Multi-factor stochastic pricing models are used to estimate the behavior of a stock in the future. This is required in order to determine the reward (expected return) and risk (standard deviation) of an entire portfolio, since we must first have the expected return of each individual stock, as well as the co-variance matrix of the asset returns. To do this we must apply stochastic models must be applied each individual stock.

Our project employs widely used models including the Capital Assets Pricing Model (CAPM), Fama-French 3 Factor Model and Carhart 4-Factor Model.


Capital Assets Pricing Model (CAPM)

The capital assets pricing model, commonly called the CAPM, claims that the future movement of an asset can be predicted by with how well the asset has corresponded to stock market movements in the past. The expectation using this model is described by the formula:


: expected return of individual asset

 : risk free rate of return, which represents the interest an investor would expect from an absolutely risk-free investment over a specified period of time

: rate of market return

: sensitivity coefficient, or a measure of the risk, for the asset in relation to the overall market movement.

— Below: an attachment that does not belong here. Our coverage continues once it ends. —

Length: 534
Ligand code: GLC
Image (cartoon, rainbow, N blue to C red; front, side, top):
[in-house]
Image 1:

A β value of 1 indicates that the asset theoretically experiences the same degree of volatility as the market and on average moves in tandem with the market. A beta greater than 1/less than 1 indicates the asset is theoretically more volatile/less volatile than the market.

Fama-French 3-Factor Model

The Fama-French 3 Factor model continues to build upon the CAPM, incorporating in additional ideas. One new idea, related to the SMB term in the equation below, is that small companies carry more risk than large companies, which will be rewarded with higher returns. The model also incorporates company valuations, related to the HML termbelow, claiming that companies whose stock prices are low relative to their actual assets’ values (book value), will lead to higher expected returns.

SMB (Small-Minus-Big): the difference in average returns between large and small cap companies

HML (High-Minus-Low): the difference in average returns between growth (high book-to-market ratio) and value (low book-to-market ratio) companies

sensitivity coefficients between the asset’s price and SML and HML terms respectively.

The two new factors, size and valuation, are commonly represented using a Morningstar Style Box, as shown below. Typically assets and portfolios falling in the small-value box in the bottom left corner, have the potential for the best returns, but are also the most risky. In contrast, assets and portfolios in the upper right large-growth box are the least risky, but also carry the least reward potential.

Carhart 4-Factor Model

The Carhart Model builds off the Fama-French model, adding a market momentum factor, which is comparable to an acceleration rate or inertia in physics. The idea behind this factor is that companies that are performing well will continue to perform well in the future.

UMD (Up-Minus-Down): market momentum factor, which is calculated as the difference in average returns between the highest and lowest performing companies.

sensitivity coefficient relating a stock’s price to the market momentum factor.